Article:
After his exertions of the long march from Islamabad to Lahore, former prime minister Nawaz Sharif continues to rail against what he describes as the unjust verdict of disqualification by the Supreme Court. In the process, he has been lamenting the derailing of his development agenda, pointing to the accomplishments of his four-year tenure in the fields of infrastructure and energy. Obviously smarting from his dismissal, he bemoans the chaos in Pakistan during the last 70 years, the most pointed reference being to the breakaway of East Pakistan in 1971 to emerge as Bangladesh because of the failure to respect the people’s mandate expressed through the ballot box. He has expressed the fear that a repetition of such a step could lead to a similar disaster again. Nawaz Sharif has been making the case for a constitutional amendment regarding the provisions of the judiciary’s working. By this he obviously has his eye on Articles 62 and 63 and 184(3). It is plain that for any constitutional amendment to pass muster in the present parliament would require the cooperation of the opposition, especially of the PPP, and especially in the Senate. However, his ‘feelers’ in this regard have been met by a firm rebuff by the Chairman PPP, Bilawal Bhutto Zardari. The young PPP chairman has categorically ruled out any support to the PML-N government’s desire for a constitutional amendment. He argued that given the turmoil in the country, any such move would run the risk of producing a clash between institutions that cannot be afforded at present. Besides, he says, no amendment could benefit Nawaz Sharif’s reinstatement as he has been disqualified by the apex court. He accused the government of striving to transgress all limits after the SC verdict. The PPP, he went on, was practicing the politics of principles and would never come to Nawaz Sharif’s rescue again. Bilawal’s sentiments were echoed by the PPP’s Leader of the Opposition Khurshid Shah, who said it should be left to the next parliament to decide about any amendments to Articles 62 and 63. Sindh Chief Minister Murad Ali Shah also reminded us of Nawaz Sharif’s opposition to amending Articles 62 and 63 while the 18th Amendment was being discussed.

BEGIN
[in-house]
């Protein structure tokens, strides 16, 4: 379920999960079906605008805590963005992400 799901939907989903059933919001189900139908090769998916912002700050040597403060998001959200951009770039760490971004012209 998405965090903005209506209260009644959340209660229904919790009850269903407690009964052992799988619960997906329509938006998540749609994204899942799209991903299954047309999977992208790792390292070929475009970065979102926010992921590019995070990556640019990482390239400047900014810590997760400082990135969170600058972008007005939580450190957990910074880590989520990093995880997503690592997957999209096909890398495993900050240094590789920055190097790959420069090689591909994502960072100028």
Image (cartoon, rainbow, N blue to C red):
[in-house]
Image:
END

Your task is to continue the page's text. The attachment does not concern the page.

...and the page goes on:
The PPP is angry with Nawaz Sharif for failing to appreciate the PPP’s support during the 2014 Imran Khan-led sit-in in Islamabad. In undertones it accuses his government of putting PPP stalwarts like Dr Asim Hussain in the dock. It is also alienated from Nawaz Sharif because of his studied indifference during his four years in office towards parliament, to the extent of hardly appearing in the house. The PPP had been arguing throughout this period that the democratic forces could only chart the path forward through the strengthening of parliament and situating it centre-stage in the state’s institutional structure, but was disappointed by Nawaz Sharif’s ignoring it. In stage whispers the PPP is expressing the view that Nawaz Sharif got what he deserved for this flagrant lapse. Be that as it may, the PPP may just be taking this hard line position more as a bargaining chip than a final stance. What it would take for Nawaz Sharif to overcome the PPP’s stated hostility is not clear. Of late, Nawaz Sharif has waxed nostalgic about the Charter of Democracy he signed in exile with Benazir Bhutto, and which he seemed to forget soon after her assassination in 2007. Whether the provisions of the Charter can be revived and provide the foundations for a reconciliation with the PPP is in the realm of conjecture. However with the arrival of the PPP Co-chairman Asif Ali Zardari in Lahore, the chairman PPP may learn at some point that the word ‘never’ is never the final word in politics.